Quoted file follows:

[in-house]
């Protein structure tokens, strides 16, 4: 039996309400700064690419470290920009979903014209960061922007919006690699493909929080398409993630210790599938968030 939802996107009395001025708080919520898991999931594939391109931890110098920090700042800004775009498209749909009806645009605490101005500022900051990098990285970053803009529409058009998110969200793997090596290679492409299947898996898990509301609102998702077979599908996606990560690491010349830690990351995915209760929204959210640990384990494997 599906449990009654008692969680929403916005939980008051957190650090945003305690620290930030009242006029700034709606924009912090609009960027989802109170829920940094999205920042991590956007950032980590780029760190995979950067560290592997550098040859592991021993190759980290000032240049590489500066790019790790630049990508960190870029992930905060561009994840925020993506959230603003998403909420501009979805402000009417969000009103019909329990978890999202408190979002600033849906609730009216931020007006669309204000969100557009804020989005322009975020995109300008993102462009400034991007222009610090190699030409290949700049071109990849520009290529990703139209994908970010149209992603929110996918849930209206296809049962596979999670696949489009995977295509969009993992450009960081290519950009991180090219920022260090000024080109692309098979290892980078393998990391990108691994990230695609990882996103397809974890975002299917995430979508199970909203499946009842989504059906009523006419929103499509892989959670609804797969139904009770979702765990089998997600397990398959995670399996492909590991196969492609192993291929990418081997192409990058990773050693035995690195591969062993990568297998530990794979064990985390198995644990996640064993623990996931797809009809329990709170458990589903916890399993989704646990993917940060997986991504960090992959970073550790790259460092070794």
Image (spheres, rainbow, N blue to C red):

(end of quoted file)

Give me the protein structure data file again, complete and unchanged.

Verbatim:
[in-house]
């Protein structure tokens, strides 16, 4: 039996309400700064690419470290920009979903014209960061922007919006690699493909929080398409993630210790599938968030 939802996107009395001025708080919520898991999931594939391109931890110098920090700042800004775009498209749909009806645009605490101005500022900051990098990285970053803009529409058009998110969200793997090596290679492409299947898996898990509301609102998702077979599908996606990560690491010349830690990351995915209760929204959210640990384990494997 599906449990009654008692969680929403916005939980008051957190650090945003305690620290930030009242006029700034709606924009912090609009960027989802109170829920940094999205920042991590956007950032980590780029760190995979950067560290592997550098040859592991021993190759980290000032240049590489500066790019790790630049990508960190870029992930905060561009994840925020993506959230603003998403909420501009979805402000009417969000009103019909329990978890999202408190979002600033849906609730009216931020007006669309204000969100557009804020989005322009975020995109300008993102462009400034991007222009610090190699030409290949700049071109990849520009290529990703139209994908970010149209992603929110996918849930209206296809049962596979999670696949489009995977295509969009993992450009960081290519950009991180090219920022260090000024080109692309098979290892980078393998990391990108691994990230695609990882996103397809974890975002299917995430979508199970909203499946009842989504059906009523006419929103499509892989959670609804797969139904009770979702765990089998997600397990398959995670399996492909590991196969492609192993291929990418081997192409990058990773050693035995690195591969062993990568297998530990794979064990985390198995644990996640064993623990996931797809009809329990709170458990589903916890399993989704646990993917940060997986991504960090992959970073550790790259460092070794």
Image (spheres, rainbow, N blue to C red):